> significant way, ever.  No refactoring, repackaging, reorganizing,  
> no removing methods, no removing class variables.  This doesn't  
> just apply to public APIs, but even the internal classes of each  
> component.
>
> Considering that at deploy time we are building and serializing  
> Jetty web containers, Tomcat web containers, ActiveMQ queues/ 
> topics, OpenEJB ejb containers, Axis webservices, TranQL connectors  
> and more, is it reasonable to ask or expect these projects  
> basically not to change their code?
>
> Clearly, projects will clean and improve their code, we can't and  
> shouldn't try and stop them.  We want them to optimize and improve  
> things.  As this change is going to occur, people *will* have to  
> redeploy their apps as we support no other way to store  
> configurations.
>
> Serializing and deserializing server state for fast startup is a  
> cool feature, but not something we are in any position to guarantee  
> between releases of Axis, ActiveMQ, OpenEJB, Jetty, Tomcat, et. al.

----------------
On May 19, 2005, at 9:35 AM, David Blevins wrote:
> On Wed, May 18, 2005 at 09:04:07PM -0700, Jeremy Boynes wrote:
>
>> David Blevins wrote:
>>
>>>
>>> I know exactly how much room for error there is as well as the  
>>> amount
>>> forethought and code required to guarantee even a small amout of
>>> future compatibility.  Using SUIDs alone does not cut it. I'm not
>>> arguing it's impossible, I'm arguing that it's unrealistic and
>>> unreliable at best.
>>>
>>>
>>
>> I think you're looking at it backward - without a crystal ball you  
>> don't
>> know what future versions of the class will look like. It is the
>> responsbility of the evolved class to handle upgrading older data.
>>
>
> You won't know what order the fields were written to the stream, so  
> unless you had the forethought to write them yourself from the get-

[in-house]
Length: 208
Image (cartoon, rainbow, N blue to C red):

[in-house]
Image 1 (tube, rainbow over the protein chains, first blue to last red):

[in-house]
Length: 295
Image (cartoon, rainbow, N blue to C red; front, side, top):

> go, you will be extremely limited on what you can do later.
>
> Even renaming a private variable would be impossible without  
> planning ahead.
>
>
>>> The major technical difference between xml data and object
>>> serialization data is that xml data can still be parsed even if the
>>> schema has changed. The same is not true of serialized object data.
>>>
>>
>> Why? You can parse a stream of bytes as easily as you can parse a  
>> stream
>> of characters. Whether you can use the result of the parse will  
>> depend
>> on the semantic content of the new infoset - you can create  
>> incompatible
>> XML schemas as well.
>>
>
> Simple, a well-formed XML document is always parseable weather or  
> not you choose to validate it against the schema.  Changing element  
> name, orders, or types can be dealt with later.  This is not the  
> case with object serialization where the class metadata is written  
> to the stream and you have no idea what it looks like.
>
> You cannot see, use, create, or predict the order of the class  
> metadata written to the stream.  I would hardly say it's any  
> comparison to XML Schema.
>
> As I keep saying, with the proper amount of forethought and code,  
> you can get a very limited amount of compatibility with  
> serialization between class file versions, but it's unrealistic and  
> unreliable at best.
>
> Unless you can convince everyone to do that, this entire thread is  
> moot regardless of what you or I think, and our existing system  
> will never serve as a reliable way to store configuration data  
> across upgrades or patches.
>
----------------